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Photo Information

Pfc. Jeffrey Murch, an infantryman with Company A, 1st Battalion, 8th Marine Regiment, 2nd Marine Division, provides security for a landing zone aboard Marine Corps Base Camp Lejeune, May 18, 2013. The Marines executed a ship-to-shore operation from the USS Bataan to the LZ using Amphibious Assault Vehicles to travel on the water.

Photo by Lance Cpl. Scott Whiting

1/8 gets back to amphibious roots

22 May 2013 | Lance Cpl. Scott W. Whiting

Three amphibious assault vehicles splash across the water. Their mission: to secure a landing zone and provide security. The AAVs open, and the Marines charge out – squad leaders shouting orders to establish a 360 degree perimeter.

After 24 hours of preparation, elements of Company A, 1st Battalion, 8th Marine Regiment, successfully executed the high paced exercise off Onslow Beach, May 18.

Late afternoon the day before, the Marines traveled by AAVs from Onslow Beach to the USS Bataan, which was afloat a few miles out in the ocean. They stayed aboard the ship overnight, which was a new experience for most of the Marines.

“(The Marines) loved being aboard the ship,” said 2nd Lt. Matthew Gaitan, the 2nd platoon commander for Company A. “They haven’t been on a ship before. Everyone got lost and it was a good time. We enjoyed the new experience and made the most of it.”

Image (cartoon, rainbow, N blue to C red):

After arriving on the ship, the Marines put away their gear in their designated berthing areas and ate dinner in the ship’s mess hall. The hot food, salad bar and choice of beverage were celebrated alternatives to the Meals, Ready to Eat from earlier. They went to work after their meal, executing walkthroughs for the next day’s big mission.

“The objective was to execute a ship-to-shore attack to secure the LZ,” said Gaitan. “Once we took the LZ, we were to wait for follow-on operations.”

The Marines were successful, but to do so, they had to overcome a slew of unforeseen issues during the training. The rough ocean waves almost prevented the AAVs from going ship to shore, and one of the AAVs even had a small fire during the movement. The Marines overcame these problems and still arrived at the LZ.

“We did really well for our first time,” said Gaitan. “We had an opportunity to train with AAVs before, and securing LZs is our bread and butter, so we had no problem combining the two into a successful operation.”